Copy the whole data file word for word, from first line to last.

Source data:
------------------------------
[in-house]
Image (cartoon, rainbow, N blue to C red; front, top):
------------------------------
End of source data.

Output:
[in-house]
Image (cartoon, rainbow, N blue to C red; front, top):